The musical Hamilton is told in the historical context as far as costumes and plot is concerned, but through a modern narrative. In an interview, Miranda explains why he chose to tell the story of Hamilton through Hip Hop and R&B saying, “ I also believe it is uniquely suited to tell Hamilton’s story. Because it has more words per measure than any other musical genre. It has rhythm and it has density. And if Hamilton had anything in his writings it was this density” (qtd. 60 Minutes). This musical has become one of the best grossing shows in Broadway history and has brought Hamilton back into the public eye.
Maybe it’s the accusations of treason, maybe it’s the affair, and maybe it’s still people who are against the former Federalist party and the ratification of the Constitution, but, for whatever reason, Alexander Hamilton has been pushed aside for far too long. This man may have never become president, but he had a “bigger impact than many who did” (Rose, par. 16). In the past he may have simply been remembered as a man with an uncontrollable temper; however, today I choose to remember him for his accomplishments. Lin Manuel Miranda refers to Hamilton as the man who, “wrote like he was running out of time” (Hamilton: An American Musical) and it is true. Somehow he knew his life would be short and that he needed to accomplish as much as he could in the time he had left. He had his faults, but don’t we all? He was definitely not the only founding father to ever make a mistake. He should not be forgotten or remembered as a traitor. He should be remembered for the legacy he has left and for the inspiration he continues to be.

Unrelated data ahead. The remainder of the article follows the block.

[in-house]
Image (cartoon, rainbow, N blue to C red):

Chernow, Ron. “Alexander Hamilton” Penguin Press, 2004. Print.“Elizabeth Hamilton (1757-1854)” PBS. People and Events, 8 May 2007. web. 7 February 2016.
“Hamilton: An American Musical.” Miranda, Lin-Manuel. comp. Original Broadway Cast. perf. Atlantic Records, 2015. Cd.
“Hamilton.” 60 Minutes. CBS. 8 Nov. 2015. Television
History.com Staff. “Aaron Burr Acquitted” History.com. A+E Networks., 2010. web. 7 February 2016.
History.com Staff. “Alexander Hamilton” History.com. A+E Networks., 2009. web. 7 February 2016
Maranzani, Barbara. “5 Things you Didn’t Know About Alexander Hamilton” History.com. A+E Networks., 2012. web. 7 February 2016
Nguyen, Tina, and Vanity Fair Magazine. “”Hamilton” Fans, Rejoice: Founding Father to Stay on the $10 Bill.” Vanity Fair. Vanity Fair, 20 Apr. 2016. Web. 25 Apr. 2016.
Rose, Charlie. “Hamilton” CBS.com. CBS., 8 Nov. 2015. Web. 7 February 2016